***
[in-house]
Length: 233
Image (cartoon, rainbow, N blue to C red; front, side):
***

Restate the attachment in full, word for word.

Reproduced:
[in-house]
Length: 233
Image (cartoon, rainbow, N blue to C red; front, side):